Recently there has been an outbreak of Coronavirus in Wuhan, China. We would like to transfer merits to the deceased and pray for the sick. Our heart is with the medical professionals in the outbreak areas, and we give our blessings to all people in Wuhan. We hope that the epidemic will be brought under control soon, and a cure will be found soon. May Inner peace bring real peace!
Our founder, late Master Sheng Yen’s blessing and admonition for the SARS pandemic in 2003...
Learn more about the NCP relief project >
WORDS OF MASTER SHENG YEN
WISDOM OF THE DAY
  • Before doing any task, we must ask ourselves to do the best we can, which means to observe and be in accordance with phenomena and conditions. Once we have exerted the utmost effort, success or failure is out of our hands. If we become victorious, we shouldn't become arrogant. If we are defeated, we shouldn't be disheartened. Meanwhile, we should not try to take credit for successes and place blame for failures. Doing so means to become free from phenomenon/forms.
  • Wisdom comes at the moment when vexations perish from the mind; compassion is nothing more than sharing benefits with others.
  • Happiness and suffering actually come from our perceptions. If we can see them as processes for developing compassion and wisdom, we will enjoy great freedom and ease.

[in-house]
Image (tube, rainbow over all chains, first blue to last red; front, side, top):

• If one is able to use the concept of “impermanence” adeptly, then one will live in the midst of joy of fresh thoughts, peace at every moment, and continuous movement forward without regression.
  • Those who maintain a more serene and inward-looking mind will be less troubled by the external environment.
  • Do not abide, give rise to your mind. Do not abide means to not abide in a selfish, scattered or stained mind. Give rise to your mind means to give rise to a mind of wisdom to benefit all sentient beings, a mind of compassion.
  • So-called frustration and adversity can be dealt with through the practice of endurance, by following the path of refining one’s mind and taking control. By having a deep understanding and belief in the law of cause and effect, a practitioner, through greater tolerance, generosity and compassion, will be able to bear their individual karma and karmic retribution and directly face adversity, drawing from it wisdom and compassion.
  • A life of freedom is not one free of setbacks, but one in which we can face setbacks with calm and peace of body and mind, and handle them with ease.
  • Before doing any task, we must ask ourselves to do the best we can, which means to observe and be in accordance with phenomena and conditions. Once we have exerted the utmost effort, success or failure is out of our hands. If we become victorious, we shouldn't become arrogant. If we are defeated, we shouldn't be disheartened. Meanwhile, we should not try to take credit for successes and place blame for failures. Doing so means “to become free from phenomenon/forms.”